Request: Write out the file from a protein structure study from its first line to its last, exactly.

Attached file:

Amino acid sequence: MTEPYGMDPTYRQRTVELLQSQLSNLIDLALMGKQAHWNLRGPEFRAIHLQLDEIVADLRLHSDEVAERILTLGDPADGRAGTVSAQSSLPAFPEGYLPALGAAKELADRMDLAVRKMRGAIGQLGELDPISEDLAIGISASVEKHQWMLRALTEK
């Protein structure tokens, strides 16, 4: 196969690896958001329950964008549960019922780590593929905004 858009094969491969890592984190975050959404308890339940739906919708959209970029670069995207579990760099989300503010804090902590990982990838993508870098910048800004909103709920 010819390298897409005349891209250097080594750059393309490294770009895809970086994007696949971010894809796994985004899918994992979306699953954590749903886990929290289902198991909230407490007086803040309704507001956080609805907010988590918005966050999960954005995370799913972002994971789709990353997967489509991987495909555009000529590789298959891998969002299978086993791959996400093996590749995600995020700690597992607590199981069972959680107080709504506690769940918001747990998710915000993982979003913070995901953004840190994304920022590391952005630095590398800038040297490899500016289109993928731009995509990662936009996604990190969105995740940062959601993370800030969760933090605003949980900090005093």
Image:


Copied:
Amino acid sequence: MTEPYGMDPTYRQRTVELLQSQLSNLIDLALMGKQAHWNLRGPEFRAIHLQLDEIVADLRLHSDEVAERILTLGDPADGRAGTVSAQSSLPAFPEGYLPALGAAKELADRMDLAVRKMRGAIGQLGELDPISEDLAIGISASVEKHQWMLRALTEK
């Protein structure tokens, strides 16, 4: 196969690896958001329950964008549960019922780590593929905004 858009094969491969890592984190975050959404308890339940739906919708959209970029670069995207579990760099989300503010804090902590990982990838993508870098910048800004909103709920 010819390298897409005349891209250097080594750059393309490294770009895809970086994007696949971010894809796994985004899918994992979306699953954590749903886990929290289902198991909230407490007086803040309704507001956080609805907010988590918005966050999960954005995370799913972002994971789709990353997967489509991987495909555009000529590789298959891998969002299978086993791959996400093996590749995600995020700690597992607590199981069972959680107080709504506690769940918001747990998710915000993982979003913070995901953004840190994304920022590391952005630095590398800038040297490899500016289109993928731009995509990662936009996604990190969105995740940062959601993370800030969760933090605003949980900090005093």
Image: